Bill Bumgarner


Valentine's Day

For Valentine's day, my wife gave me a Weed Wacker and I cooked a dinner around the pictured crabs (6 crabs, about 1.5 lbs each -- leftovers destined for crab cakes).

Outside of my son projectile barfing in the car (anyone see Oliver Beene this evening? yeah, like that), it was perfect!

Update: How to cook dungeness crab (or just about any other shelled bug like thing from riverr, pond, or ocean -- cooking times will vary).

1. Obtain some live crabs; 1.5 to 2.0 lbs each, fresher the better. Once caught, crabs stop eating. After 5 to 7 days in a live tank, they start to digest themselves due to starvation and this negatively impacts the quality and flavor of the meat.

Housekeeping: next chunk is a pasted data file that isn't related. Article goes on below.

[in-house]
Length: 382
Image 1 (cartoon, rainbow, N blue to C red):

2. Fill a pot with water and add a bunch of salt. 1/2 cup per large pot of water. Bring it to a hard boil.

3. Drop the crab in head first. The crab might fight back. Use tongs and make sure and get the crab under water as quickly as possible. That will kill the crab as quickly as possible.

4. Let the water return to a hard boil after dropping in the crab(s). Turn down the heat such that the water is boiling vigourously, but not overflowing the pot.

5. Boil for 15 to 18 minutes.

6. Remove crab from pot, run under cold water.

7. Remove top shell of crab, scoop out guts and gills. Spray with water and clean out that crab!

8. Split the crab in half.

9. Serve. Preferably with little pots of melted butter and some good wine. Sour dough bread goes well with crab.

If you want a bit more flavor than just boild crab, try adding a healthy does of black pepper, coriander, ginger powder, dried hot peppers, thyme, and bay leaves to the salted water prior to bringing it to a boil. Let the spiced water boil for a bit before dropping in the crabs to maximize the flavor extraction.

Steaming does wonders, too.

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